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Zora Neale Hurston

Author Debra King
Air Date 1/7/2002

Zora Neale Hurston Transcript

Zora Neale Hurston was born on January 7, 1891 in Notasulga, Alabama, though she would also claim that she was born in Eatonville, Florida, in 1901. That was just like Zora, the novelist, to rearrange the facts a little when it made for a better story. And in so many ways, telling, collecting, creating stories was what her life was all about.

Zora did grow up in the little town of Eatonville, where she moved with her parents, John and Lucy Ann Hurston, when she was three years old. Eatonville was the first incorporated Black community in America, and Zora would later write that it was a town “of five lakes, three croquet courts, three hundred brown skins, three hundred good swimmers, plenty guavas, two schools, and no jail house.” It was also full of stories, told over fences and under trees, at fishing spots and around campfires, and on every porch in town — especially the porch of Joe Clarke’s store, where Zora would sit and listen for hours to what was said and sung by the people who congregated there. She especially liked the “lying” sessions that the men of the town engaged in on Joe Clarke’s porch, each participant trying to outdo the other in their elaborate duels of verbal one-upmanship. It was here that Zora heard the Bre’er Rabbit stories and other lore, myths and legends that were a vital part of the African American oral tradition. When she grew up to become an anthropologist and a writer in the 1920s and 1930s, Zora would return to this material and to Eatonville as the source for some of her best-known fiction and for the collection of African American folklore Mules and Men, that made her famous. Her father, who was Eatonville’s preacher and mayor, was a stern man and didn’t approve of his young daughter’s passion for stories, whether she was listening to them or making them up with a cast of corn-husk dolls. But Zora’s mother Lucy encouraged her imaginative flights and gave her the phrase that stayed with Zora throughout her difficult life. “Jump at de sun,” her mother told her. “We might not land on the sun,” Zora added later, “but at least we would get off the ground.” Zora would be pleased to know that her stories have been inspiring generations of readers to take the same advice.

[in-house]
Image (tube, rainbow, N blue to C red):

Posted in Authors, Literature